In the simulated dendrochronological sampling of C. deodara, a 6.0 Ah-0.7 kg battery produced 5.5 cores (φ5 mm) of ca. 50 cm length or 4.0 cores (φ12 mm) of ca. 40 cm length (Table 1). In the simulated sampling of L. kaempferi for wood quality research, one battery produced 36 cores (5 mm) of ca. 14 cm length and 26 cores (φ12 mm) of ca. 14 cm length.
Heat generated by friction between outer surface of the borer bit and the surrounding wood did not cause charring of the cores, which was observed with a previous motorized device . Furthermore, we did not observe any other noticeable difference between the mechanical and manual boring, in terms of the frequency in borer damage (nicked blades or broken shaft of the bit), probably because the reduced rotation speed (14–67 rpm) of our device does not differ greatly from that of manual sampling.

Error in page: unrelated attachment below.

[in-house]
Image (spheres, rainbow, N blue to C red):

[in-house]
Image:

We tested the winch socket on the C. deodara and Q. crispula trees, which could successfully start 12 mm borer bit. We did not need to use the winch socket for the starting of 5 mm bit. Climbing rope of 5–6 mm diameter was the most suitable for the winch socket (Fig. 2g) as well as for supporting the reaction bar (Fig. 2f).